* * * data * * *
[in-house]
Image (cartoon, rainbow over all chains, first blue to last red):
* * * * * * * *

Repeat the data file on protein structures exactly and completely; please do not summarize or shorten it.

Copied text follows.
[in-house]
Image (cartoon, rainbow over all chains, first blue to last red):